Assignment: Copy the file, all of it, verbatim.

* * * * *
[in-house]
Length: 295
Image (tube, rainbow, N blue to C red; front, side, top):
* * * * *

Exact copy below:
[in-house]
Length: 295
Image (tube, rainbow, N blue to C red; front, side, top):